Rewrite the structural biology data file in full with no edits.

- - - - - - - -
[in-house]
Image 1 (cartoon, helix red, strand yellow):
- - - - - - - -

[in-house]
Image 1 (cartoon, helix red, strand yellow):